9.1          Australia is obliged, under the United Nations Convention on the Rights of Persons with Disabilities (CRPD), to guarantee that persons with disability can ‘effectively and fully participate in political and public life on an equal basis with others, directly or through freely chosen representatives’, including the right and opportunity to vote and be elected.[1]

9.2          The ALRC recommends that the ‘unsound mind’ provisions of the Commonwealth Electoral Act 1918 (Cth) (the Electoral Act), which relate to disqualification for enrolment and voting, be repealed. The removal of the unsound mind provisions is consistent with the recommendation by the United Nations Committee on the Rights of Persons with Disabilities (UNCRPD) that Australia ‘enact legislation restoring the presumption of the capacity of persons with disabilities to vote and exercise choice; and to ensure that all aspects of voting in an election are made accessible to all citizens with a disability’.[2]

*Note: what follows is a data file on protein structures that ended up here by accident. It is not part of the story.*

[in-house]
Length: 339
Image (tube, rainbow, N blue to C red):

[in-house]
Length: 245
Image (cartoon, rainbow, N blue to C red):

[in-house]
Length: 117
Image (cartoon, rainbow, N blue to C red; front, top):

9.3          The ALRC recommends a new exemption to compulsory voting based on a functional test consistent with the National Decision-Making Principles. A person without decision-making ability in relation to voting should be exempt from the penalties arising from failure to vote. The Australian Electoral Commission (AEC) should provide guidance material, consistent with the National Decision-Making Principles, to assist Divisional Returning Officers (DROs) to determine whether or not a person with disability had a valid and sufficient reason for not voting at an election. A person should be able to claim an exemption, or an exemption should be granted by a DRO.

9.4          Where a person with disability requires assistance to vote, they should be supported by all available means. The ALRC recommends that current provisions of the Electoral Act concerning permissible support be broadened, and that the AEC provide its officers with guidance and training to improve support in enrolment and voting for persons with disability. As the right to a secret vote is fundamental to the right to vote, but may be compromised by some forms of support, the AEC should also investigate methods of maintaining the secrecy of voting.